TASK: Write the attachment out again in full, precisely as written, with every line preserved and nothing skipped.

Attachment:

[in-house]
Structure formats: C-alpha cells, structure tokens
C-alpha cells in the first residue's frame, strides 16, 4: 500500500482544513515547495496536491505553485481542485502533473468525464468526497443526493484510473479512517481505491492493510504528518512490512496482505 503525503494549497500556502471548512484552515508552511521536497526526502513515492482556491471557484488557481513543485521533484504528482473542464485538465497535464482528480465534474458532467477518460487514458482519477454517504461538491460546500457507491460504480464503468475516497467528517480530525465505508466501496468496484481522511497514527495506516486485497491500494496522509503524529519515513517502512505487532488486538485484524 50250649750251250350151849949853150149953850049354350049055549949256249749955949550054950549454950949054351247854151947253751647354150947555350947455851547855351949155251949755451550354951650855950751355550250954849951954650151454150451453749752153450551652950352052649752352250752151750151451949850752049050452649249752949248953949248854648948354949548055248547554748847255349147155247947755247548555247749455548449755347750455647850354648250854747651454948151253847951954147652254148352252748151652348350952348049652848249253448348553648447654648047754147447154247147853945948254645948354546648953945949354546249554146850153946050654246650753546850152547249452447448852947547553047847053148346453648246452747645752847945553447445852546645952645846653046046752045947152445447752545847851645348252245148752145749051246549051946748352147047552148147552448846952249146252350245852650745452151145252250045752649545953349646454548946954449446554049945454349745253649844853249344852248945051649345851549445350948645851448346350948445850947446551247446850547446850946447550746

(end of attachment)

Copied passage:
[in-house]
Structure formats: C-alpha cells, structure tokens
C-alpha cells in the first residue's frame, strides 16, 4: 500500500482544513515547495496536491505553485481542485502533473468525464468526497443526493484510473479512517481505491492493510504528518512490512496482505 503525503494549497500556502471548512484552515508552511521536497526526502513515492482556491471557484488557481513543485521533484504528482473542464485538465497535464482528480465534474458532467477518460487514458482519477454517504461538491460546500457507491460504480464503468475516497467528517480530525465505508466501496468496484481522511497514527495506516486485497491500494496522509503524529519515513517502512505487532488486538485484524 50250649750251250350151849949853150149953850049354350049055549949256249749955949550054950549454950949054351247854151947253751647354150947555350947455851547855351949155251949755451550354951650855950751355550250954849951954650151454150451453749752153450551652950352052649752352250752151750151451949850752049050452649249752949248953949248854648948354949548055248547554748847255349147155247947755247548555247749455548449755347750455647850354648250854747651454948151253847951954147652254148352252748151652348350952348049652848249253448348553648447654648047754147447154247147853945948254645948354546648953945949354546249554146850153946050654246650753546850152547249452447448852947547553047847053148346453648246452747645752847945553447445852546645952645846653046046752045947152445447752545847851645348252245148752145749051246549051946748352147047552148147552448846952249146252350245852650745452151145252250045752649545953349646454548946954449446554049945454349745253649844853249344852248945051649345851549445350948645851448346350948445850947446551247446850547446850946447550746